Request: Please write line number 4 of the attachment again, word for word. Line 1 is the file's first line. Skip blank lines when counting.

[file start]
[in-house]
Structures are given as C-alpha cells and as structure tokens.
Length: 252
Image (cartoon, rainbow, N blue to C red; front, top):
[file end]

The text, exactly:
Image (cartoon, rainbow, N blue to C red; front, top):